Quick Guide: Covid-19 and Safeguarding

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Quick guide to Covid-19 and Safeguarding A free guide to Covid-19 and safeguarding for churches and church organisations.

During the pandemic, the pressures placed upon local churches have risen significantly and this has led to an increase in the need to protect people from different forms of harm and abuse.

Here is a quick guide to what you can do to offer support whilst continuing to serve the needs of your communities.

You can download this guide as a PDF or as a Word document

Protecting People

If you become aware or you are concerned that an individual may be at risk of abuse or neglect; you should:

  • Contact your church safeguarding coordinator or Synod Safeguarding Officer for advice within 24 hours.
  • Refer to a local social care service in the area that the individual lives. (Check the website to see any changes to reporting procedures currently).
  • Always call the Police using 999 if you suspect someone is in immediate danger.

Exploitation and Grooming

In times of crisis, those who seek to exploit children and adults can be quick to act and prey on vulnerabilities – particularly in online forums, where they may face fewer barriers to do so with a reduction in online moderators.

You can help by:

  • Know the signs of exploitation, be vigilant to them and take any disclosures or concerns seriously.
  • Refer concerns to safeguarding coordinators, Synod Safeguarding Officers, social services or the Police.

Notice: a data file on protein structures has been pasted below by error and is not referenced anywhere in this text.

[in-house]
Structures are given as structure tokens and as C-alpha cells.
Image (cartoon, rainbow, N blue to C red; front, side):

• Use the resources like the NSPCC, CEOP or UK Safer Internet Centre to support parents, families and individuals to learn how to stay safe online.

Poverty

It is estimated that over 3 million people have faced food poverty since the pandemic began, including those who have lost their employment and their homes. You can offer support by:

  • Map out food banks and points of contact in your area to be shared with those who need them.
  • Use the Covid-19 Mutual Aid website to locate individual who can support those who are vulnerable and self-isolating to access essential supplies.
  • Encourage parents of school age children to continue to claim their free school meals.
  • Share information on basic hygiene and infection control with those who may have limited access to technology. 
  • Share information about the Government’s pledge to support those facing home insecurity and signpost to local Housing Offices. 

Financial Abuse

Many elderly and vulnerable people are having to try to manage their finances in different ways and there has been a rise in cases of scams as others look to exploit this – including over the phone and online. Financial abuse can be perpetrated by those closer to home, including family, friends and others who appear to be seeking to help the individual and it can be closely linked to domestic abuse.

You can offer support by:

  • Be familiar with the signs of financial abuse (reports of missing personal items, unexplained shortages of money for essential items, another person controlling someone’s money or taking an unusual interest.
  • Share advice on the signs of a SCAM:
                   Seems too good to be true
                   Contacted out of the blue
                   Asked for personal details
                   Money is requested.
  • If you support those in your community involving payments follow government advice on keeping records and receipts.

Further resources

Safe Online Activities

There have been recent reports of a rise in hacking activity which seeks to disrupt online activities and spread harmful material. This is very important as Churches are finding new online ways to connect with their congregations.

You can:

  • Follow and remind staff and volunteers of your safe working practices advice and safeguarding policy (including GP5’s Appendix C).